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ColdFusion 11's new Struct format for JSON (and how to use it in ColdFusion 10)

05-08-2014 5,538 views JavaScript, ColdFusion

One of the nicer new features in ColdFusion 11 is a new way to serialize queries to JSON. If you've ever returned a query over the wire to JavaScript, then you are probably aware that ColdFusion has a ... unique way of serializing the query. The default serialization for queries is based on returning data in a lightweight, efficient format over the network. It isn't difficult to deal with - but it can be awkward if you aren't expecting it. We can argue (and I just did with a fellow ColdFusion community member ;) about whether that choice was wise or not, but instead, I'd rather talk about how ColdFusion 11 addresses this, and how you can mimic the same behavior in earlier versions of ColdFusion.

The default form for query serialization to JSON looks a bit like so:

{"COLUMNS":["NAME","AGE"],"DATA":[["ray",33],["todd",43],["scott",53]]}

When loaded by your JavaScript code, you've got an object with two properties, COLUMNS and DATA. COLUMNS is an array of columns (duh), and DATA is an array of arrays, where the Nth element of each index represents the Nth column. As I said, a bit awkward, but this form saves quite a bit (see the diversion towards the end) of size in the resulting JSON string.

ColdFusion 11 adds a new "struct" form for query serialization. (ColdFusion already had two forms of query serialization - but I'm not going to bother covering the second.) If you serialize your query and pass "struct" as the second argument, serializeJSON(myAwesomeFrakingQuery, "struct"), you'll get something that may be a bit more familiar:

[{"NAME":"ray","AGE":33},{"NAME":"todd","AGE":43},{"NAME":"scott","AGE":53}]

If you are calling a CFC method (the normal way you get JSON), you can ask for this format by adding this to the url: queryformat=struct. So a CFC request in your JavaScript code could look like this: service.cfc?method=getPeople&returnformat=json&queryformat=struct.

As another tip, you can actually set those values as defaults, right in your CFC. On the top of the file (after the component begins of course), outside any methods, you can do: url.returnformat="json" and url.queryformat="struct". Then your JavaScript code can use a simpler URL: service.cfc?method=getPeople.

Lastly, you can set the default serialization for queries directly in Application.cfc. The documentation is missing this (and I have edit rights to it but I've not gotten around to it) but you specify the default like so: this.serialization.serializequeryas = "struct".

Finally (well, before the diversion), how would you do something similar in ColdFusion 10 (or earlier)? Simple - write a utility function to convert the query. Here is an example.

component {

	url.returnformat="json";

	remote function getPeople() {
		//number of test rows
		var rows = 500;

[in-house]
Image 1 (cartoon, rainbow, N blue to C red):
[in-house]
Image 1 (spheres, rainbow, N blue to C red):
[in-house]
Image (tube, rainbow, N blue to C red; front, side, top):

var result = queryNew("id,propername,age,gender");
		for(var i=1; i<= rows; i++) {
			queryAddRow(result, {id:i, propername:"Name #i#", age:i%25, gender:1});
		}
		return queryToArray(result);
	}

	private function queryToArray(q) {
		var s = [];
		var cols = q.columnList;
		var colsLen = listLen(cols);
		for(var i=1; i<=q.recordCount; i++) {
			var row = {};
			for(var k=1; k<=colsLen; k++) {
				row[lcase(listGetAt(cols, k))] = q[listGetAt(cols, k)][i];
			}
			arrayAppend(s, row);
		}
		return s;
	}
}

In the CFC above, the main method, getPeople, is what would be called from your code. It makes use of the utility method, queryToArray, to return a nice result. getPeople isn't specifying a return type, but if you do add one, be sure to specify array, not query.

Ok, you can stop reading now. Seriously. The rest of this is just numbers BS for fun.

For the heck of it, I did some testing to compare the size of JSON responses between the "old, slim" style and the new sexy style. I used neither ColdFusion 11 nor my utility function; I simply did a hard-coded conversion:

remote function getPeople1() {
	//number of test rows
	var rows = 500;
	var result = queryNew("id,propername,age,gender");
	for(var i=1; i<= rows; i++) {
		queryAddRow(result, {id:i, propername:"Name #i#", age:i%25, gender:1});
	}
	return result;
}

remote function getPeople2() {
	var data = getPeople1();
	var result = [];
	for(var i=1; i<=data.recordCount; i++) {
		arrayAppend(result, {"id":data.id[i], "propername":data.propername[i], "age":data.age[i], "gender":data.gender[i]});
	}
	return result;
}

On every test I did, the slimmer style was slimmer, and got more slimmer when the number of rows got higher and the column names changed. For example, just changing the column "name" to "propername" saw a jump. At 500 rows, the slim style was 11.6KB. The array form was 27.6KB -- more than twice as a big. Of course, 28KB is still relatively slim so - there ya go.

To make things more interesting, Ryan Guill did some testing where he enabled GZIP on the results. Talk about making a difference. You can see the full results here, but in general, he saw approximately 50%, and higher, reductions in size. Nice.